FedEx has been accused of betraying its workforce as staff go on strike to protest pay and conditions.
Monday's strike comes after FedEx workers deferred action planned for last Thursday, when StarTrack workers walked off the job in a similar dispute with their own employer.
Transport Workers' Union national secretary Michael Kaine said the workers held off industrial action in good faith and came to the bargaining table to hear what FedEx offered.
"The offer was not an offer at all, it was a betrayal," he said on Monday.
Workers were due to negotiate a pay rise with the US-based parcel delivery giant last year, but Mr Kaine said they held off to see how the pandemic effected their industry and employer.
"It became very clear quite quickly what the effect on FedEx was, clients and customers boomed, they fuelled $US74 billion in FedEx revenue, $US5 billion in profit."
Mr Kaine said the company's decision not to give a pay rise was reprehensible and effectively amounted to stealing a wage increase from 2020 "that workers so responsibly deferred at the start of this pandemic to make sure the economy is right, that the sector is right and that FedEx is good to go".
He said FedEx, along with the government-owned StarTrack were now outliers in road transport after new agreements were reached with other companies like Linfox and Toll, accusing the federal government of being "missing in action" and criticising the "Americanisation" of industrial relations.
A FedEx spokeswoman said the strike could not come at a worse time for Australian businesses coming out of lockdown and customers would be adversely impacted.
The company had addressed the union's primary concern of job security and made concessions to resolve approximately 90 per cent of the union's claims, she said.
TWU state secretary for Queensland and NSW Richard Olsen said FedEx showed "a clear misunderstanding of where we're at with our negotiations".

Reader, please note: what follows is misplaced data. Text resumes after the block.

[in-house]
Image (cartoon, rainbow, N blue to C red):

"We need them to admit they made the wrong call last week and come back to the table ... what we're finding is a change in ownership ... now everything is purely about a dollar and not job security, our work is being outsourced to people who are unable to negotiate proper pay and conditions," Mr Olsen said.
FedEx acquired TNT in 2016 and rebranded in Australia earlier this year.
Tony Matthews, an owner-driver who is unable to participate in industrial action but who is on leave for a shoulder injury, attended a strike to show his support and said there were "very deep" feelings of anger.
"In good faith we expected them to acknowledge the (wage increase) deferment and come to the table, they've just said that didn't matter," Mr Matthews said.
Monday's strike is the latest in the past few months for the parcel delivery industry, which has seen companies and workers at loggerheads over conditions and outsourcing.
StarTrack workers went on strike on Thursday for the second time in a month.
Australians are already facing longer than usual wait times for parcel deliveries, with the sector buckling under the pressure caused by a spike in online shopping amid months of lockdown.
An industry-wide strike planned for last week was avoided after deals were reached at Toll, Linfox, Global Express and BevChain.
Australian Associated Press